Monday, February 18, 2013

Knitter’s Elbow and Birthday Yarn

It’s become kind of iconic in our household: Mama sitting on the couch, knitting. Sometimes when I put my three year old to bed, she tells me that I need to go sit on the couch, in my regular spot, and KNIT.  It’s like she feels safe knowing that I will be there, with my needles clicking, if she needs anything. So, knitting is kind of important in our house.  Which is why this next part is so hard for me to talk about.  But I’ve decided to tell you the truth...

I have... *sigh*...  Knitter’s Elbow. Sometimes called (ok, always called) Golfer’s Elbow, which is basically tendonitis which causes pain on the inside of the elbow.  (Tennis Elbow hurts on the outside.) It’s really, really crummy, because it means no knitting for me. They might also call it Carrying a Baby Elbow because that’s another thing that makes it worse.  I’ve tested it.

This pain has been nagging me for awhile, and now it has become unbearable.  If you found this blog because you googled “Knitter’s Elbow,” here are a few things I’ve learned along the way.  (I’m not a doctor, but I play one on TV.  No, not really... I’m not a real doctor or even a fake doctor. My comments are experiential only - take it for what it’s worth.)

1. Tendonitis is sharp pain, found on one localized area.  If your forearms are generally fatigued, that’s great news!  It’s not tendonitis. I saw several recommendations on websites for ways to massage your tired arms.  Do it GENTLY.  I think I did it too hard and made it worse.  Don’t do that.

2. Tendonitis gets worse if you keep knitting.  Trust me, I know how hard it is, but you have to REST.  Once they feel better, ease back in.  Don’t try to knit that baby blanket all in one night if you’re recovering.  REST.

3. Use ice and ibuprofen as needed.  It makes it feel better and probably reduces inflammation.

4. Save your arms: Carry the baby in a carrier. Tell the kids you’d love to watch them color, but can’t grip a crayon until your arm heals.  And watch how you sleep.  If you’re sleeping with your arm bent, then quit it.  Keep your arms straight or just slightly bent when you sleep. How sad would it be to reduce your knitting ability while you’re SLEEPING?!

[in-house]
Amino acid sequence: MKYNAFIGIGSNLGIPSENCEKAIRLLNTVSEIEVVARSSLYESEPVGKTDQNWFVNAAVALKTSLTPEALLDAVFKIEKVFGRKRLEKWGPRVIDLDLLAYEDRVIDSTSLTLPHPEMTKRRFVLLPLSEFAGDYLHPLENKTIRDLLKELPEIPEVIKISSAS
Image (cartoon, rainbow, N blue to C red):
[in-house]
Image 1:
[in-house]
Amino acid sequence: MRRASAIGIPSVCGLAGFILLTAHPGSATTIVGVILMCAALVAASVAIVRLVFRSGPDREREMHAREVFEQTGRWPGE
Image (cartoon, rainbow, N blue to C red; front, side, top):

5. Finally, (and this seems like common sense, but I haven’t tested it, yet) wear a brace to relieve fatigue on those poor tendons.  I just ordered one and will keep you posted on how it works for me.

So, for now I keep walking by my stash and feeling the yarn... holding it up and looking at it in the light and just generally admiring it.  And then I sit down and cry.  Which is a little ridiculous because not being able to knit isn’t like having a terminally ill child or something.  Some people have real problems.  But it’s still kind of a bummer.  

Anyway, on a lighter note, I have a birthday this month.  I’m turning 35.  “Halfway to 70!” as my husband likes to say. And I love that people give me yarn for my birthday...  Well, they give me money, which I spend on yarn (obviously) and gift certificates to yarn stores. Now I have a really ridiculous amount of yarn.  Enough for quite a few projects. This wonderful pile of goodness arrived in the mail yesterday.  How about that Madelinetosh Merino Light?  So beautiful... I would like to make about 100 Cream and Sugar Cowls.  Someday... I hope. 

Berroco Ultra Alpaca Light: Pea Soup Mix colorway

Madelinetosh Merino Light: Oak colorway

Madelinetosh Merino Light: Charcoal colorway

3 comments :

  1. Oh no! That's terrible you can't knit for a while. How painful both for your arm and heart. I hope you heal quickly so that you might be able to get in a row or two very soon.

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  2. Ouch! I hope your recovery is speedy & without a hitch. Ultra Alpaca ymmmies...hate the name but love the colors of Pea Soup mix & Peat mix. Haven't tried any Madelinetosh as yet. I got a brand new Knit Picks catalog in yesterday's mail; catalogs are very good for filling time when you'd rather be knitting (but can't yet, bummer!), just be sure to lay it down on a table or desk while reading it. I've had issues with my wrists, from holding large novels as I read -- I know better now!

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  3. I've only just seen this post, and I would love to know how your elbow pain has gone? If it was a brace that helped, can you say what kind of brace it was? Cheers.

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